• 2 eggs
  • 1/4 cup oil (or applesauce)
  • 1 teaspoon vanilla

DIRECTIONS

  1. Preheat oven to 350 degrees F and grease pan.
  2. Whisk together the flour, baking soda, salt, nutmeg, cinnamon, and ginger.
  3. In a separate bowl mix mashed bananas with yogurt, honey, eggs, oil, and vanilla.
  4. Fold the banana mixture into the flour mixture until blended. Do not overmix.
  5. Pour batter into prepared pan.
  6. Bake large loaf for 40 – 50 minutes or until it comes clean with a toothpick.

Happy Snacking!  Back from sunny San Diego next week!

Homemade Hamburger Buns

A great perk of a BBQ (and maybe the motivation to having one) is that you really don’t have to “cook” right?  So some people might think it is silly to make your own buns.  However, the other night I made veggie burgers and I didn’t have any buns so I just whipped some up from scratch.  It was really pretty easy and simple, so I didn’t feel like I was stuck in the kitchen forever.  Plus if you make extra, you can freeze them until you next time you need them.

Homemade Whole Wheat Hamburger Buns (Original recipe from Stacy Makes Cents)

  • ¾ cup warm water
  • 3 teaspoons yeast
  • 2 tablespoons honey
  • 2 tablespoons melted butter
  • 1 egg
  • 1 teaspoon salt
  • 2 ½ – 3 cups white wheat flour (hard white wheat, ground)

Combine the warm water and yeast. Let sit for 5 minutes. Add the honey, melted butter, and egg. Beat until smooth. Add 2 cups of flour. Beat until smooth. Add salt and remaining flour until you get a kneadable dough. Knead for 6 minutes. Cover dough and let it rest for 10 minutes.

Divide dough into 8 pieces and shape into buns. Place buns on a greased/parchment paper lined cookie sheet. Flatten.

Let buns rise until doubled, usually about an hour. If desired, brush with beaten egg white and sprinkle with Italian seasoning, poppy seeds, or sesame seeds.

Bake at 350 degrees for 15 minutes or until golden brown.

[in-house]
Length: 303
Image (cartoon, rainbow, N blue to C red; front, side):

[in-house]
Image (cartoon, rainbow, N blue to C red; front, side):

Slice with a serrated knife.

Homemade Crutons

Do you ever have about a thousand heels from bread loaves lying around your house?  I always do, and I know no one was going to eat them.  I have really missed crutons since I decided to try to limit the processed stuff around here, so I tried to make some.  It turns out to be the easiest thing I’ve ever made.  So fast and so simple.  It literally took 10 minutes start to finish.  I’m pretty sure you can’t mess this one up.  My boys’ naps miraculously overlapped this afternoon, so I had an entire hour to myself to savor these crunchy morsels on a yummy salad for lunch.  I may or may not have watched some junk tv while I ate.  Don’t mind if I do (did!).  I love it when the stars align!

Homemade Crutons

  • 1 cup bread, cubed
  • 1 Tbs olive oil or butter
  • 2 Tbs parmesan cheese
  • 1/4 tsp garlic powder
  • 1/4 tsp onion powder

Directions

  • Preheat oven to 350
  • Toss bread with oil
  • Combine cheese, garlic powder, and onion powder, and then mix with bread
  • Spread on a cookie sheet and bake for 10 minutes, or until bread is golden brown

I was too greedy to share these with anyone, and I savored every bite.  Man, I love a crunch in my salad.  It adds so much.  I put the leftovers in a plastic bag to use the rest of the week.  I’ve seen many recipes call for an entire loaf of bread, and you make a big batch, but for me this was just a simple way of using some leftovers for a few single servings.

Okay, now for the No Processed Foods Challenge Update.  Original rules can be found here, but this time around I am being a little bit more lax.  Instead of absolutely no sugar, I am allowing sugar in small amounts as long as it is in something I made from scratch.  Like the spinach muffins from earlier this week, or even oatmeal cookies.  I know sugar itself is processed, but I need to have a little bit of wiggle room, and it makes me feel better than having Chips Ahoy or ingredients I can’t pronounce.  Having said that, I am not planning on having that stuff every day.  It’s just for a special treat every now and then.  That’s basically the only modification.  Everything else is the same.

 

 

 

BREAD SUCCESS 1st Edition

Well…it’s only semi-true.  This recipe makes 3 loaves and one out of three turned out perfect.  The other two…a little substandard.  BUT, one of them was beautiful!  So the question is – What did I do differently?  Absolutely no idea.  I’m going to try again this week and see if I really am getting better, or if that was just a fluke.  Ha!  As it turns out, it was the Rose Bowl and we had to cheer on our Oregon Ducks so we had a few friends over.  They all sampled the bread, and it was a success.  I have mixed feelings, because I’ve had so many failures that I don’t want to get my hopes up, but on the other hand, I am thrilled I actually made a loaf that worked out!!  It IS possible!  We were so caught up in the excitement that I failed to take a picture of the beauteous loaf, so we’re stuck with a few slices.


Here’s the recipe from whole food kids (her kids are cute, huh?  all TEN of them!).

Whole Wheat Oatmeal Bread (makes 6 loaves)

Ingredients

  • 7-½ cups warm water